GPIO Synchronization

Here’s a post Halloween, slightly scary hardware trick…

Two Pixelblazes, with GPIO 4 and 5 connected w/a couple of meters of CAT5 cable and we have GPIO pattern sync! Code below and (with lengthier explanation) in gpiosynchronizer.js in my pattern repository.

The three colored pixels from @jeff’s “An Intro to Pixelblaze Code”:

@ChrisNZ’s nifty spiral pattern:

(Yes, Pixel Teleporter supports multiple Pixelblazes. :slight_smile: I just figured nobody would ever need that feature so I didn’t document it. Coming in the next version.)

The code uses a state machine and a special, synchronizable version of the time() function to quickly sync two patterns. It syncs very quickly, is robust and doesn’t interfere with normal operation. If you change patterns on one of the PBs, or restart it, synchronization will automatically be re-established when both are running a synchronizable pattern again.

 Utility: GPIO Synchronization Demo
 Uses two GPIO pins to synchronize patterns between
 a pair of connected Pixelblazes. Caution:  Connecting
 Pixelblazes this way requires soldering and basic electronics
 knowledge. See the or the Pixelblaze forums for
 additional guidance.
 To use: 
 - Call initGPIO(inPin,outPin) to set up your GPIO pins
 - Call synchronize(delta) from your beforeRender() function
 - Call syncTime() instead of time() for things that need to
   be synchronized.
 - To manually initiate synchronization, call requestSync()
 Version  Author        Date        Comment
 1.0.0    JEM(ZRanger1) 11/1/2020 

// Global state variables for synchronizer
var _syncState = 1;   // state of sync state machine
var _holdTime = 0;    // how long we've been in a given state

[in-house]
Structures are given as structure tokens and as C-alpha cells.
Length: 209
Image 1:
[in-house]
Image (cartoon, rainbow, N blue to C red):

var _inPin = 4;       // input GPIO pin
var _outPin = 5;      // output GPIO pin 
var _tcount = 0;      // accumulator for sync'd timebase

// Configure the two GPIO pins needed for synchronization
function initGPIO(inPin,outPin) {
  _inPin = inPin;
  _outPin = outPin;


// Just like built-in time(), but uses our synchronized timebase to
// keep patterns running together.
function syncTime(rate) {
  return (_tcount * 0.57375 / rate) % 1;

// Reset base time for syncTime().  If two Pixelblazes call this at
// almost exactly the same time, their patterns will be synchronized.
function resetTime() {
  _tcount = 0;

// start the pattern synchronization process the next time 
// synchronize() is called.
function requestSync() {
  _syncState = 1;

// GPIO Pattern synchronization state machine.  Must be called in
// beforeRender(), before any calls to syncTime()
function synchronize(delta) {
  _holdTime += delta;
  _tcount = (_tcount + (delta >> 15)) % 1;  
  if (_syncState == 0) {            // synchronized -- normal operation
    _syncState = digitalRead(_inPin);
  else if (_syncState == 1 ) { 
    _holdTime = 0;
    digitalWrite(_outPin,HIGH);    // set pin HIGH to request sync 
    _syncState = 2;
  else if (_syncState == 2) {
    if (digitalRead(_inPin)) {    // wait for other side to respond 
      _holdTime = 0;
      _syncState = 3;
    else {
      if (_holdTime > 1000) _syncState = 1;
  else if (_syncState == 3) {
    digitalWrite(_outPin,LOW);    // clear our req pin to ack other side's request    
    if (!digitalRead(_inPin)) {   // wait for other side to respond
      _syncState = 0;
    else {
      if (_holdTime > 1000) _syncState = 1;

// GPIO Setup - set input and output pins.

// 3 colored pixel demo from @jeff's "An Intro to Pixelblaze Code"
var leadPosition = 0;

export function beforeRender(delta) {
  leadPosition = pixelCount * syncTime(.1);    

export function render(index) {
  red   = abs(leadPosition - index) < 1
  green = abs(leadPosition - index - 4) < 1
  blue  = abs(leadPosition - index - 8) < 1
  rgb(red, green, blue)  

Wow, here I was nudging you, figuring that an example would be difficult and Bam, you knock it out of the park. Nice job!

Question, does this scale? (A to b, b to c, etc?), And I’m wondering if a non-firestorm solution that is wireless could be crafted using this as a start.

Thanks @Scruffynerf! Since I’d recommended this approach without explaining how to make it work, I thought I should be at least a little bit responsible and offer some code. Plus, it was just a fun thing to try.

The algorithm is scalable. This implementation is built for two Pixelblazes though. If you’ve got a bigger project in mind, let me know and I can help build a scaled-up version. For several PBs over wireless, I’m still thinking Firestorm is the better option.

1 Like